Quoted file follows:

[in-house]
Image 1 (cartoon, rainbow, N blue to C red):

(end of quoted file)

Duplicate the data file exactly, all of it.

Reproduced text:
[in-house]
Image 1 (cartoon, rainbow, N blue to C red):